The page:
Health / SportsTelevision

Here Are This Year’s Best Super Bowl Ads

The Super Bowl isn’t just the single biggest event in the NFL calendar, it’s also the annual showpiece moment for the American advertising industry, which ploughs huge sums of cash ($4.5 million for a 30-second commercial, to be exact, as per last year’s rates) into coercing you to buy stuff at a time when you’re probably in the toilet or grabbing a snack or something.

Much like the championship game, Super Bowl ads are a reflection of America itself: they’re packed with star names, seep with unsubtle humor, and borrow from the all-so-familiar, over-the-top aesthetic of Hollywood blockbusters. It’s the U.S. version of an opera, a swirling symphony of consumerism and a flexing of financial muscle that no other country can compete with in terms of scale and brawn. Grand and ostentatious, it’s the biggest stage in the world, which is ultimately what makes it worth watching.

A lot of commercials get packed into those quarterly breaks, so we’ve taken the time to compile some of the best that will grace U.S. TV screens this coming Sunday. Check them out below and stay tuned for more as they become available.

T-Mobile – “Restricted Bling” (feat. Drake)

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Working at an ad agency is actually the easiest job in the world if your budget is big enough to cast a celebrity. This T-Mobile ad is basically a reimagining of what Drake’s “Hotline Bling” would sound like if his ghostwriters were telecommunications executives.

NFL – “Super Bowl Babies Choir” (feat. Seal)

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This one should be taught as a case study at ad school. To create an iconic ad you start with a strategic insight (residents of Super Bowl-winning cities celebrate with post-match unprotected sex), add in a sprinkling of humor (in this case, the progeny of that celebratory bunk up singing about their parents doing the nasty) and then top it off with a pop cultural hook that’s already ingrained in the mind of the viewer for familiarity (Seal’s velvety-smooth “Kiss From A Rose”).

A great ad, although watching kids sing about their parents doing it is a bit creepy.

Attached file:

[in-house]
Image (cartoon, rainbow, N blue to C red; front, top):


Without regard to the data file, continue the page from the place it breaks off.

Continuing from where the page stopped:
Bud Light – “The Bud Light Party” (feat. Seth Rogen & Amy Schumer)

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In an election year where the U.S. seems more divided than ever, Seth Rogen (a Canadian, lest we forget) and Amy Schumer get together to establish a party founded on two things that most of the country can agree on: Bud Light and lowest-common-denominator humor. We’ll need plenty of the former should Donald Trump somehow win the presidency.

Snickers – “Marilyn” (feat. Willem Defoe)

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The first time we saw Willem Dafoe in a dress was 17 years ago, when he played a cross-dressing FBI agent in The Boondock Saints. Now, he does his best Marilyn Monroe impression and stands over a subway grate in a flowing skirt for Snickers money.

Avocados from Mexico – “#AvosInSpace”

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At some point in the distant future, in a galaxy far away, aliens will have a museum filled with Earthly artifacts that serve to poke fun at the human race. One of those artifacts will be Mexican avocados, which are always fresh, even after lightyears have passed.

The soccer-mom humor is inoffensive but endearing, and will no doubt make it a fan favorite. It also has one of the greatest jingles ever.

Heinz Ketchup – “Wiener Stampede”

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Super Bowl ads tend to go with Family Guy-esque random absurdity, which you can see vividly illustrated here by Heinz. The world’s leading ketchup brand dressed wiener dogs up in wiener suits then sent them sprinting across wide open plains to the sound of sentimental music in slow motion.

Pokemon – “#Pokemon20”

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Super Bowl ads tend to fall into three camps: celebrity-driven, absurd or EPIC. And it has to be a caps-lock EPIC because a regular epic just won’t do. A lowercase epic won’t make your palms sweat or your pupils dilate. But this Pokemon ad, with its simmering suspense and crescendo-building tribal drum beat, will, because it’s truly EPIC.

Doritos – “Ultrasound”

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The suits at Doritos have opted for the sort of unsubtly vulgar humor typically seen in movies like The Hangover, giving the impression that bros are the brand’s target consumer. In this commercial, an unborn child crawls out of its mother’s womb so it can chase down a stray Dorito.

Hyundai – “Ryanville” (feat. Ryan Reynolds)

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Ryanville is some magical, nondescript suburbia somewhere funded by Hyundai where all men are Ryan Reynolds. There’s probably some product or a brand message to be found somewhere in this commercial, but it inevitably gets drowned out by Reynolds’ irrepressibly handsome face and beautiful eyes. We’re totally sold on Ryanville, though, and would move there in an instant.

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